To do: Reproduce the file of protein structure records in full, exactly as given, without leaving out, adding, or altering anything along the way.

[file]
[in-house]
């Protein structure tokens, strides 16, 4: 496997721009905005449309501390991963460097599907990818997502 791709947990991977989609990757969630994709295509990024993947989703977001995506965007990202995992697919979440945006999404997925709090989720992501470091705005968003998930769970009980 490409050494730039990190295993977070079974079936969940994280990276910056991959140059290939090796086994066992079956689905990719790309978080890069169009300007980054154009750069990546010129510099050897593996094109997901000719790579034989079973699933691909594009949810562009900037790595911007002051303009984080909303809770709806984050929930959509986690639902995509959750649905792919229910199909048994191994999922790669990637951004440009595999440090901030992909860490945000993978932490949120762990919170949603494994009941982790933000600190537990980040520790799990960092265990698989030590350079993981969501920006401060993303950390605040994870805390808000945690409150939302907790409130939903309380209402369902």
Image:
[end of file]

[in-house]
């Protein structure tokens, strides 16, 4: 496997721009905005449309501390991963460097599907990818997502 791709947990991977989609990757969630994709295509990024993947989703977001995506965007990202995992697919979440945006999404997925709090989720992501470091705005968003998930769970009980 490409050494730039990190295993977070079974079936969940994280990276910056991959140059290939090796086994066992079956689905990719790309978080890069169009300007980054154009750069990546010129510099050897593996094109997901000719790579034989079973699933691909594009949810562009900037790595911007002051303009984080909303809770709806984050929930959509986690639902995509959750649905792919229910199909048994191994999922790669990637951004440009595999440090901030992909860490945000993978932490949120762990919170949603494994009941982790933000600190537990980040520790799990960092265990698989030590350079993981969501920006401060993303950390605040994870805390808000945690409150939302907790409130939903309380209402369902």
Image: